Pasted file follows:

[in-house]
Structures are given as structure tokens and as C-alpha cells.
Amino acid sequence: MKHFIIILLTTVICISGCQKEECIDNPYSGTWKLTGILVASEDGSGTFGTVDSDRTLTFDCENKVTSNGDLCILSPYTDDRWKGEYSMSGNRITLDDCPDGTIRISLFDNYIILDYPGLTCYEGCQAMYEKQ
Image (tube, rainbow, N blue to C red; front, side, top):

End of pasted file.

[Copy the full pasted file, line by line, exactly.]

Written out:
[in-house]
Structures are given as structure tokens and as C-alpha cells.
Amino acid sequence: MKHFIIILLTTVICISGCQKEECIDNPYSGTWKLTGILVASEDGSGTFGTVDSDRTLTFDCENKVTSNGDLCILSPYTDDRWKGEYSMSGNRITLDDCPDGTIRISLFDNYIILDYPGLTCYEGCQAMYEKQ
Image (tube, rainbow, N blue to C red; front, side, top):